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Written by Tom Jaskulka   
Friday, 19 October 2012
Table of Contents: Page Index
Logitech G930 Wireless Gaming Headset
Closer Look: Logitech G930
Logitech G930 Performance
Final Thoughts and Conclusion

Logitech Wireless Gaming Headset G930

Manufacturer: Logitech International SA
Product Name: Wireless Gaming Headset G930
Model Number: 981-000257
UPC: 9785506702
Price As Tested: $119.99 (Amazon / Newegg)

Full Disclosure: The product sample used in this article has been self-supplied.

I have to be honest; sound seems to be the last on the list of upgrades anyone (including me, until recently) considers. And why is that, really? Most motherboards that a PC enthusiast will purchase have onboard sound that is capable of 7.1 surround sound anyway. Unless you're a gamer, movie aficionado, or audiophile (in which case you probably aren't reading this review...) chances are the onboard sound "makes sound," so therefore it is good enough.

I know everyone has different reasons for why they use PCs, and everyone plays PC games for different reasons. For some, it's a hobby - for others, a way to relax or get hyped up. I play games because they showcase what my builds are really capable of, and because I enjoy them! Much like a good book, a well-made game presents a game world that you can get "lost in," and enjoy the time you spend there. After all, that's why people have hobbies, right?

If you're taking time out of your day to do something you enjoy, I implore you to consider upgrading your experience for ALL of your senses (okay, unless you like the smell of burning capacitors or eating silicon, we'll forget about those particular senses for a moment). Eye candy is great, but much like candy itself, it doesn't make for a very balanced experience.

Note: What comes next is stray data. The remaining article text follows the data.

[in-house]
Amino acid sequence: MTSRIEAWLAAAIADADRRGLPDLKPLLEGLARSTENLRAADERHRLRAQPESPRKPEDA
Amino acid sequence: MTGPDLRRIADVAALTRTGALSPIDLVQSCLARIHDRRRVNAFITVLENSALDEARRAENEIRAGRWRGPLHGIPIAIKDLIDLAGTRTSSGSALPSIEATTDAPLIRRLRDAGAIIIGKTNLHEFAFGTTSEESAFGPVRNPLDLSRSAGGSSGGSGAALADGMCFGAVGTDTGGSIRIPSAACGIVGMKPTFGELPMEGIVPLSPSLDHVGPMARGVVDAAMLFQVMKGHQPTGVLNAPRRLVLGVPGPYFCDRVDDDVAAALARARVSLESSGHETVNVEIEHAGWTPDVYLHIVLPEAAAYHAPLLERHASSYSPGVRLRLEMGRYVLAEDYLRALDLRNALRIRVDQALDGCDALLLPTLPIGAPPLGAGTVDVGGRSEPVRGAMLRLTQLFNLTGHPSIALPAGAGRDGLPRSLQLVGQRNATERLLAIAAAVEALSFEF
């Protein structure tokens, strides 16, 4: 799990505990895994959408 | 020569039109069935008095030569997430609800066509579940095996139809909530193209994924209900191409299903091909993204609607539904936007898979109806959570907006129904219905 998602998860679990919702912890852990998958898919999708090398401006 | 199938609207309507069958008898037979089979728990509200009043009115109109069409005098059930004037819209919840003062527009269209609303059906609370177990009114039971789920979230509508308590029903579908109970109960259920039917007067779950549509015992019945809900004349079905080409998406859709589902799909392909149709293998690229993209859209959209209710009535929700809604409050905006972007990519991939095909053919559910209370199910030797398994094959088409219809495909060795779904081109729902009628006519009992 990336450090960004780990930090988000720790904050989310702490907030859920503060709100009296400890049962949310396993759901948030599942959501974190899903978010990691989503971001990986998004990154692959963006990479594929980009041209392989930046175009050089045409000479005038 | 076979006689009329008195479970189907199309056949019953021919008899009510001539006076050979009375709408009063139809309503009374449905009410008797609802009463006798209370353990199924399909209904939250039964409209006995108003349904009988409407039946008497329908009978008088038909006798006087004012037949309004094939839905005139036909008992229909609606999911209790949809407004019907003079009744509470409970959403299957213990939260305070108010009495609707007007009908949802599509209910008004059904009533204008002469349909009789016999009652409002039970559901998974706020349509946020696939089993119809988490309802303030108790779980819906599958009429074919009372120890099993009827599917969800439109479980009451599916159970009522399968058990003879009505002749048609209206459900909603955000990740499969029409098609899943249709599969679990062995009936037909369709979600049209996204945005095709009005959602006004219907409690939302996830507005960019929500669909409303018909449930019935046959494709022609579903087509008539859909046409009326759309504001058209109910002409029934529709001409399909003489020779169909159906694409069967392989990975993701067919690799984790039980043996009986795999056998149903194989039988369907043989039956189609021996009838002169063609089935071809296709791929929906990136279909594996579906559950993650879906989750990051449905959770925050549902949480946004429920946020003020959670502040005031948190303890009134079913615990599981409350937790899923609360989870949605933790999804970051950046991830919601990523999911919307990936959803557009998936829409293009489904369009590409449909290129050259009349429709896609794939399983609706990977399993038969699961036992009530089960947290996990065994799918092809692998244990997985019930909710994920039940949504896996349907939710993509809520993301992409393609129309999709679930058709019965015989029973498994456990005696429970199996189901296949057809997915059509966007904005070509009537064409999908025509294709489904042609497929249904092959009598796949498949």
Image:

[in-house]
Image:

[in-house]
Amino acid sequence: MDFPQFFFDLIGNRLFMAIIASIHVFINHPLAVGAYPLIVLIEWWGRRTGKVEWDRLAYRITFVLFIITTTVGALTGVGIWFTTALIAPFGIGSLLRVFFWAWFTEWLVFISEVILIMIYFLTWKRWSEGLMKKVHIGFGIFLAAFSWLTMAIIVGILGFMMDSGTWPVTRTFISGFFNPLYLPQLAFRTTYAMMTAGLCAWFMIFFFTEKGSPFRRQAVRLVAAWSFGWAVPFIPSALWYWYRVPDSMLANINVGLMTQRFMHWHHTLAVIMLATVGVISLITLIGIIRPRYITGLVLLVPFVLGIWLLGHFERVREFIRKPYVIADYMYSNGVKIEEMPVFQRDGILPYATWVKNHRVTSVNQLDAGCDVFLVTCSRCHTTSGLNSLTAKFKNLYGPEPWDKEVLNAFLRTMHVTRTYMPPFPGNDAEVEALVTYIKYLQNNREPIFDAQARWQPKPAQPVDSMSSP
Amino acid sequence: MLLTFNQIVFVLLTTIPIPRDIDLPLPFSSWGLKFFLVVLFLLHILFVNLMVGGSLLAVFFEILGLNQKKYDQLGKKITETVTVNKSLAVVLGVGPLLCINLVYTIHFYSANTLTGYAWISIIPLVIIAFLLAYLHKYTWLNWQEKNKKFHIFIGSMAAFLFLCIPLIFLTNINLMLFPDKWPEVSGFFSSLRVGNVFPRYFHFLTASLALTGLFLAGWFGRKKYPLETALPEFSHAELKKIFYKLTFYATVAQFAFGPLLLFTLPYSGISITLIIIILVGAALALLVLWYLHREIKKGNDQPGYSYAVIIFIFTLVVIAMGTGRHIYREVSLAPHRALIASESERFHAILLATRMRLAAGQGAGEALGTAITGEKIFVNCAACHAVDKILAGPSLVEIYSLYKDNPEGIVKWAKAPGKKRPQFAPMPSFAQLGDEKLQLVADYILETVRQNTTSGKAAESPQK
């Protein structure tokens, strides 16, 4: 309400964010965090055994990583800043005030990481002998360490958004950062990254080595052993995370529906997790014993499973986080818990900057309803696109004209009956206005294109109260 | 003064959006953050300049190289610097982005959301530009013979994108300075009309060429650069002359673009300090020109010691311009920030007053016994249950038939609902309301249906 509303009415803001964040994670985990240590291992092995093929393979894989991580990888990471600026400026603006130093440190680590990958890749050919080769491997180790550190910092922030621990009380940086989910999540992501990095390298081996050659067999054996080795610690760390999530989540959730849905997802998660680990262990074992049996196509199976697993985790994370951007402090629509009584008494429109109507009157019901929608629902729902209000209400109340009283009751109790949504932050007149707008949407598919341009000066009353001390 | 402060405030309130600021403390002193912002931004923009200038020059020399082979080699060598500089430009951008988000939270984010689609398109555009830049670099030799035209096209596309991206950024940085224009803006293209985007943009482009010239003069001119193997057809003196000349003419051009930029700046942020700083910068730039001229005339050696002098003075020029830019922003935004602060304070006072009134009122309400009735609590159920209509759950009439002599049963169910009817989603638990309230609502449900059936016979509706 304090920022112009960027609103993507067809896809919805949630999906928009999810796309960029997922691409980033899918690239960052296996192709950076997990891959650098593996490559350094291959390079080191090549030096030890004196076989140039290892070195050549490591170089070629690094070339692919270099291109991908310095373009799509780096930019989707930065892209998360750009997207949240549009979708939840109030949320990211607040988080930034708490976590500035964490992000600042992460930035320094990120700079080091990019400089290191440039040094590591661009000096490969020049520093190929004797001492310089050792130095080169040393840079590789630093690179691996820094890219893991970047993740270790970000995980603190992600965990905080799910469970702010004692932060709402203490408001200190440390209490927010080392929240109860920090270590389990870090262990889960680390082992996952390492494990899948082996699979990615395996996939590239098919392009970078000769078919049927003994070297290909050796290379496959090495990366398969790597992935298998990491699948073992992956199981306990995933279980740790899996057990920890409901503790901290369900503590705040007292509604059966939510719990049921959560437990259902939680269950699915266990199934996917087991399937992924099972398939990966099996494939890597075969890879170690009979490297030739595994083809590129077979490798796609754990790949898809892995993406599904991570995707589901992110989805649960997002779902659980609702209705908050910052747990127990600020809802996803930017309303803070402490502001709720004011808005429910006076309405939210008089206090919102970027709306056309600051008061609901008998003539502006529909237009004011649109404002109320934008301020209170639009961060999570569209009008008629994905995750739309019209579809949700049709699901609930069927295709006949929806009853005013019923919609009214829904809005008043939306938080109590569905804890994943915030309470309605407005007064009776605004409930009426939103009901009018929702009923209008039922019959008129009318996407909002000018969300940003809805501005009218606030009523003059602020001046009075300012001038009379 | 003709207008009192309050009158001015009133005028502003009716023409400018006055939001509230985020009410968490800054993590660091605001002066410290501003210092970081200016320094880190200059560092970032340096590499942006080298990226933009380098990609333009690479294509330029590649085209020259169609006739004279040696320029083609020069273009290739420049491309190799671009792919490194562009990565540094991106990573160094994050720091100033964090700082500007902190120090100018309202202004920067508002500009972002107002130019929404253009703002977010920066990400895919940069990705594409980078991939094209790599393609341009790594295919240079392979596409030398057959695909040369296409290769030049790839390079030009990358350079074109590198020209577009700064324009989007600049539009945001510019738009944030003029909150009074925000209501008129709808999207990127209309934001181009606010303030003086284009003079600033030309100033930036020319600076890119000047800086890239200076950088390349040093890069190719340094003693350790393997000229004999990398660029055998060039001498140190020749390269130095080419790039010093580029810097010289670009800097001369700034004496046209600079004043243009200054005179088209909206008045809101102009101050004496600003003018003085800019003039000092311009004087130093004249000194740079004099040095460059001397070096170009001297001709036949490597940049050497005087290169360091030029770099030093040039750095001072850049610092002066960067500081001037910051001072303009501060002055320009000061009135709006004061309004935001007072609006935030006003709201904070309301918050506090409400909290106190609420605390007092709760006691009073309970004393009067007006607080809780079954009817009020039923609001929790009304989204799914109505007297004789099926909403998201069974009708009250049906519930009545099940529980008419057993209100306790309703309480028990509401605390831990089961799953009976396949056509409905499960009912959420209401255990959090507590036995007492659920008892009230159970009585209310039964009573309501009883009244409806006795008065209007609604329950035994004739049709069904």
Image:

That brings me to my search for a balanced computing diet. I was running the frame rates that I wanted to hit on my favorite games, I had the speed required for everything I do on a computer, and I had the space to store all the data I wanted to keep. I KNEW something was missing because the whole experience was still too...two dimensional. And no, I'm not talking about playing everything in 3D - although a 120 Hz monitor IS on my wish list...

I was using a Razer Carcharias headset for my music listening and gaming duties along with a Creative X-Fi Gamer soundcard that I purchased on sale. I liked the CMSS-3D feature, but it was a little tricky to configure and without a lot of feedback on when it was activated. The headset itself was incredibly comfortable and performed its sound duties admirably, but I wanted more. It was an improvement over onboard sound but that card is almost three years old already (for me - that model of card was released in 2007 I believe). After some research, I decided to put my money down on a set of Logitech G930s, and that is the product I'll be reviewing here today.


Technical Specifications


  • Connection: 2.4 GHz RF
  • Range: up to 40 feet (12 meters)*
  • Audio stream: uncompressed 48 kHz
  • Reception: dual antenna
  • Interference resistance: forward error correction and dynamic channel selection


  • Continuous playback time: up to 10 hours per charge**
  • Charging connection: full-speed USB; charge-while-playing enabled
  • Charge time: 2.5 hours or less (longer when in use)


  • Ear cup: up to 26 dB noise isolation
  • Driver: laser-tuned; 40 mm diameter with neodymium magnet; 15mm diameter voice coil with ferrofluid damping
  • Frequency response: 20 Hz - 20 kHz


  • Pickup pattern: cardioid (unidirectional)
  • Type: pressure gradient electret condenser
  • Frequency response: 100 Hz- 75 kHz


  • Volume roller: 80,000 revolutions (minimum)
  • Button: 50,000 presses (minimum)
  • Headband slide: indexed stainless spring steel
  • Ear cup rotation joint: aircraft-grade aluminum alloy

Specifications taken from the manufacturer product page.



# Software GlitchesWW_Dagger 2012-11-19 05:10
When using Windows 7 64-bit, it bugs out when switching audio devices in windows. You end up having to restart the PC every time you go from say your sound card so you can listen to your big speakers back to you headset.
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# ZJIMMYZJimmy 2012-12-19 09:05
This is more of a Windows 7 issue, not headphone software
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